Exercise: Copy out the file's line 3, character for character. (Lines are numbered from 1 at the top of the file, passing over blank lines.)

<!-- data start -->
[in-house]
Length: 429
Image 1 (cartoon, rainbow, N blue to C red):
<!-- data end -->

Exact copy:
Image 1 (cartoon, rainbow, N blue to C red):